Analysis: Senator Parker, the Honest Fundraiser

State Sen. Kevin Parker deserves a prize for honesty.

State Sen. Kevin Parker deserves a prize for being the most forthright guy in Albany.

The Brooklyn state senator is holding a campaign fundraiser and the invitation reads: “I help you. You help me,” according to the Daily News.

That brief message sums up how the electoral system works, for good and ill. And it brings to mind the lyrics that Grace Kelly and Bing Crosby sang in a movie called “High Society."

“I give to you and you give to me,
True love, true love.”

In Parker’s case, he seems to be saying almost exactly what that song says: you give to my campaign and I’ll give to you. It’s the essence of politics as practiced in this age. The only question might be whether that will result in “true love.” In politics, it could be argued, there is no truth but winning the next election.

Parker’s invitation stirred some strong reaction from civic leaders. Dick Dadey of Citizens Union told the News that "it would be simpler if he just said ‘quid pro quo’ on the invitation.”

Susan Lerner of Common Cause said: ´”I find it breathtakingly straightforward. It gets to the heart of the deal from his point of view.”

Dadey added that it underlined “the public’s perceptions that, in order for you to represent me, I’ve got to pay up.”

At least Parker is being honest. His constituents know what to expect from him.

At Baruch College, public affairs professor Doug Muzzio told me: “We know that, in this way, politicians are wrong. The senator states it baldly. You can indict what he is doing and indict the entire political class for doing the same thing."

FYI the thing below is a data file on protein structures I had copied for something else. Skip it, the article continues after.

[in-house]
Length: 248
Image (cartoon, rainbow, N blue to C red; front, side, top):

But Muzzio adds that "that's the way things are."

“You can have all kinds of reform but this is the way the system works and the way it will always work. And the Supreme Court won’t let you change it even If you wanted to. It’s the free speech argument,” he says.

So perhaps Parker has done us all a service by demonstrating what his annual dinner-dance gala on Nov. 19 is all about.

If we want campaign finance reform, we have to take the money out of politics. And that seems right now like an impossible task.

Parker, you may remember, was sentenced to three years probation last March for damaging a photographer’s equipment during a scuffle. He also must attend anger management classes. As he left the courtroom, Parker said: “Glad it's over. I think my constituents understand my passion.”

They certainly should understand his passion, especially for fundraising. When he attends the annual dinner-dance gala at Crystal Manor in two weeks, he’ll be getting a minimum of $150 per person to attend and from $400 to $2,500 for additional contributions.

Perhaps he could sing a couple of bars of that old song with the new lyrics: “You give to me and I give to you. True love. True love."

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